FDA Approves Spinal Cord Injury Trials

on 08/11/2012

Over the next few weeks, 8 persons who recently suffered a spinal cord injury will have their Schwann cells injected into the site of the injury.  The hope is that in these persons, the injections of nerve cells will help treat paralysis.  The personal injury lawyers at our firm are pleased to report that the Food and Drug Administration has approved new spinal injury clinical trials that are believed to be the first of their kind in the world.

The trials will be conducted by the Miami Project to Cure Paralysis, a project that is dedicated to finding a cure for spinal cord injury.  The founders of the Miami Project are former NFL linebacker Nick Buoniconti and his son Marc who suffered a devastating spinal cord injury during a football game back in 1985. 

Since the injury, Marc has remained paralyzed below the neck, but his paralysis has not diminished his quest to find a complete cure for spinal cord injury.  Millions of dollars have been invested, and those efforts seem to have finally borne fruit.  The federal agency has approved the phase 1 clinical trials to go ahead.

A total of 8 patients who have recently suffered a spinal cord injury will be part of the trial.  The researchers are calling on people who meet the criteria for the trials to come forward.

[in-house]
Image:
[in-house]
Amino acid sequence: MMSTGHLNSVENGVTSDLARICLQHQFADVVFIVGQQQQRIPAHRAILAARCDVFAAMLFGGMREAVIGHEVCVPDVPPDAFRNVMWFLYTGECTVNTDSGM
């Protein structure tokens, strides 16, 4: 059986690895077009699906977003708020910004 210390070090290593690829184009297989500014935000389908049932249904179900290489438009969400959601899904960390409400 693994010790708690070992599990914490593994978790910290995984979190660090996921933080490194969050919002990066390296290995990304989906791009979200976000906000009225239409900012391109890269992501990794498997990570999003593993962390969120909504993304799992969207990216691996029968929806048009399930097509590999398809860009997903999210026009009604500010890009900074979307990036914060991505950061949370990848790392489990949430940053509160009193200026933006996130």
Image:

Initially, this will be just a preliminary trial that will mainly focus on the safety of the treatment.  As such, personal injury attorneys do not expect to find dramatic improvements in the condition of these patients.  However, if the treatments are found to be safe, the trials could be intensified, and the researchers expect to see some improvement in the patients then.

Our lawyers are all-too-familiar with spinal cord injuries. Whether caused by an automotive defect or by a workplace accident, these injuries are devastating and life-changing. If you or someone you know suffered a debilitating back or neck injury which led to paraplegia or quadriplegia, you should seek the advice of legal counsel to determine if another party's negligence was the cause.

Tags: Spinal Cord Injury

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